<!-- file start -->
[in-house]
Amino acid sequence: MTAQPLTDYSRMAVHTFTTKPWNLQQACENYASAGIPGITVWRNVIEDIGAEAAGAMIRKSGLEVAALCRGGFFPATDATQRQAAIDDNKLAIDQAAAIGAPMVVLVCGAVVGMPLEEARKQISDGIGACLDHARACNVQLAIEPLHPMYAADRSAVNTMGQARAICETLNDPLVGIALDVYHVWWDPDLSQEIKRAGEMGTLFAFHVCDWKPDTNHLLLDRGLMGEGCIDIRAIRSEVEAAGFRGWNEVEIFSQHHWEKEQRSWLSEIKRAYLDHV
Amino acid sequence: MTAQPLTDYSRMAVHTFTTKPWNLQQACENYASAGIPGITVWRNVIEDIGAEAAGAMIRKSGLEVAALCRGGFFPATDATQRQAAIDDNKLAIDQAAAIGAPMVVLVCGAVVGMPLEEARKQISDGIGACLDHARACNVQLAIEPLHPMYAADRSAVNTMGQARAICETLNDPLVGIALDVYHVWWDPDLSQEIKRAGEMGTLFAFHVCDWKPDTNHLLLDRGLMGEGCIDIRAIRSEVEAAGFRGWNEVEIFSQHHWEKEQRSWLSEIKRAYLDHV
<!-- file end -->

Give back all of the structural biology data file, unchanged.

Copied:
[in-house]
Amino acid sequence: MTAQPLTDYSRMAVHTFTTKPWNLQQACENYASAGIPGITVWRNVIEDIGAEAAGAMIRKSGLEVAALCRGGFFPATDATQRQAAIDDNKLAIDQAAAIGAPMVVLVCGAVVGMPLEEARKQISDGIGACLDHARACNVQLAIEPLHPMYAADRSAVNTMGQARAICETLNDPLVGIALDVYHVWWDPDLSQEIKRAGEMGTLFAFHVCDWKPDTNHLLLDRGLMGEGCIDIRAIRSEVEAAGFRGWNEVEIFSQHHWEKEQRSWLSEIKRAYLDHV
Amino acid sequence: MTAQPLTDYSRMAVHTFTTKPWNLQQACENYASAGIPGITVWRNVIEDIGAEAAGAMIRKSGLEVAALCRGGFFPATDATQRQAAIDDNKLAIDQAAAIGAPMVVLVCGAVVGMPLEEARKQISDGIGACLDHARACNVQLAIEPLHPMYAADRSAVNTMGQARAICETLNDPLVGIALDVYHVWWDPDLSQEIKRAGEMGTLFAFHVCDWKPDTNHLLLDRGLMGEGCIDIRAIRSEVEAAGFRGWNEVEIFSQHHWEKEQRSWLSEIKRAYLDHV